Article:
Ennio Morricone ‎– Stanno Tutti Bene (Original Motion Picture Soundtrack)

CAM ‎– COS 700-001
CD, Album

Tracklist Hide Credits

1 Viaggio
2 Sogno
Composed By – Andrea Morricone, Ennio Morricone
3 La Salina
4 La Verità
5 Rondini A Fontana Di Trevi
6 Solo, Piu Solo
7 Notte Nera
8 Lucciole A Milano
9 Il Cervo Sull'autostrada
10 Viaggio
11 Pulce Nell'orecchio
12 Il Vino E L'uva
13 Alla Stazione Con I Barboni
14 Un Po Ridicolo
15 Nel Tempio
16 Atelier Barocco
17 Sfilata Di Moda



Total time: 41:32
A film by Giuseppe Tornatore


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May 24, 2017
edited 10 months ago
I met Ennio Morricone in April 1989. He had just finished reading the screenplay of "Nuovo Cinema Paradiso", wich the producer Cristaldi had sent him although he had refused to compose the soundtrack to the movie. The Maestro stared at me with kind suspect, as if studyng me. I though he called me to justify his unavailability. Then, after a long silence, he asked in a defying tone: "No marranzano?! (Marranzano is a tipical Sicilian instrument) I immediately understood that he was already working on the movie and, due to the Sicilian setting of the story, he was afraid I wanted to follow a folkloristic direction. I smiled and reassured him: "No marranzano!". Morricone smiled too, and we began working. In this way our collaboration began, essentially based on the concept that a film score is not an external structure of the movie, something to superimpose upon a finished work, but is the movie itself.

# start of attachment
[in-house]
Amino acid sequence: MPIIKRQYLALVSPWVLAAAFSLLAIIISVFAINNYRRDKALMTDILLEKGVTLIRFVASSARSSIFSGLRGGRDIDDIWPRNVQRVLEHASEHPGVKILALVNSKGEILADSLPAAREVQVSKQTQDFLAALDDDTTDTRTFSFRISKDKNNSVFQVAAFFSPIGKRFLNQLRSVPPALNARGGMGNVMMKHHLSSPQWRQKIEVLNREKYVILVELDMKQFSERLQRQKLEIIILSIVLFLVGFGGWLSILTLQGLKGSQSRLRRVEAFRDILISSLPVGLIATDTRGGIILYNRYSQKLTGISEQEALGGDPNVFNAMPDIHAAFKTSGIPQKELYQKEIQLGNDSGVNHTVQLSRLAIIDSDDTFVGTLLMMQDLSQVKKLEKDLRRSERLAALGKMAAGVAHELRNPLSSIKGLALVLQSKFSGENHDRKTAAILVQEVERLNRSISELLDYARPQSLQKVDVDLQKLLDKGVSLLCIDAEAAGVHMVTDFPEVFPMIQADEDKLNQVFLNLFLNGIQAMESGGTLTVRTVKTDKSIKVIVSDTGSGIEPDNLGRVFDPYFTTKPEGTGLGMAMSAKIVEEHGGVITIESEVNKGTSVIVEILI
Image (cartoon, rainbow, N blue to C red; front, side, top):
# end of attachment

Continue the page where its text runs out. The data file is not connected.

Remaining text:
To think of the music, to compose and to play it before beginning to shoot, inspired onlyt by the screenplay, the story and moods of the characters and by their destiny; this in order to then just refine, perfect and measure once the editing is finished, for the images and characters have already found in that music, and only in that, the revelation of their tensions and emotions. In "Stanno Tutti Bene" we followed the same criteria, and in this movie also we have wanted to entice Andrea Morricone to a collaboration. He composed the theme "Sogno" a wish to this father Ennio, to me, and Andrea himself.
Giuseppe Tornatore